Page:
Here is a roundup of the latest news concerning the COVID-19 pandemic in addition to announcements from local, state, and federal governments, as well as international channels. To share a business or nonprofit story, please send us a message.
Report: Metro Detroit’s Air to Benefit from Transition to Electric Vehicles
American Lung Association has released a new report titled The Road to Clean Air says a transition to electric cars, buses, and trucks by mid-century would both improve air quality and address climate change, benefiting the lives and health of Americans and Detroit residents, and would result in significant local benefits.
In the report, Detroit was listed as one of the top 15 metro areas that would see the greatest benefit from a transition to electric vehicles. The Road to Clean Air outlines the broad benefits of the transition to an electric transportation sector over the coming decades.
Benefits in Detroit per year based on emission reductions in 2050:
- Avoiding approximately 100 premature deaths.
- Preventing more than 1,220 asthma attacks.
- Preventing 5,625 lost workdays per year.
- $1.1 billion in public health benefits.
National benefits per year based on emission reductions in 2050:
- Avoiding approximately 6,300 premature deaths.
- Preventing more than 93,000 asthma attacks.
- Preventing 416,000 lost workdays.
- $72 Billion in public health benefits.
- $113 Billion in climate impacts avoided.
“The transportation sector is a leading contributor to air pollution and climate change,” says Ken Fletcher, director of advocacy for the American Lung Association. “We have the technology to transition to cleaner cars, trucks, and buses, and by taking that step we can prepare Detroit for the future while also seeing the health and economic benefits forecasted in The Road to Clean Air. Especially as our state faces the impacts of climate change such as extreme storms and wildfires, this is a powerful and practical opportunity to take action to improve our air, our health and our future.”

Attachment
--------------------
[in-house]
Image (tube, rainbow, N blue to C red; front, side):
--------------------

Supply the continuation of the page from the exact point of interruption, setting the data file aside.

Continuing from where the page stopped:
New Campaign Urges All Michiganders to Join Together to Safely Reopen the State
A new public education campaign launched this week by Michigan public health officials and a coalition whose members touch the lives of millions of citizens urges all Michiganders to unite to contain the spread of COVID-19 so the state’s economy, schools, and communities can safely reopen – and stay open.
The Spread Hope, Not COVID campaign includes 50 of Michigan’s leading health care, business, education, community, manufacturing, tourism, senior citizen, labor, faith-based, and public safety organizations, and is led by the Michigan Department of Health and Human Services. The campaign calls on all Michiganders to take actions that will significantly reduce the spread of the virus including wearing masks, washing and sanitizing hands, practicing physical distancing, and more.
The campaign will communicate with residents through broadcast, outdoor, social and digital media, and the news media. The campaign is also sharing information through state and local associations, business organizations, K-12, college and university organizations and institutions, health care provider groups, communities of color, and other stakeholder groups that represent or reach millions of Michigan residents.
The campaign’s messaging is based on a survey of 2,047 Michigan residents ages 18 an older conducted July 8-13. The survey’s goal was to identify and quantify behaviors and attitudes related to wearing masks and other types of facial coverings.
The survey found that 72 percent of Michigan residents say they always wear a mask in public, with Black Michiganders significantly more likely to wear a mask than all other respondent groups, and women more likely than men to wear a mask.
Outside metro Detroit, there are no significant differences in mask-wearing among Michigan’s various geographic regions. Mask-wearing tends to be higher in metro Detroit. Among age groups, Boomers are significantly more likely to wear masks, while Generation Xers are significantly less likely.
Auction to Raise Funds for Child Abuse Prevention
Child abuse and neglect prevention programs statewide will benefit from the 18th annual Children’s Trust Fund Pam Posthumus Signature Auction Event that is taking place virtually until 9 p.m. tonight. A live event will be broadcast online between 7-8 p.m. this evening.